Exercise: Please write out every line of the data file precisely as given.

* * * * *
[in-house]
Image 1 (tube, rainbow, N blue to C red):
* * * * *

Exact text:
[in-house]
Image 1 (tube, rainbow, N blue to C red):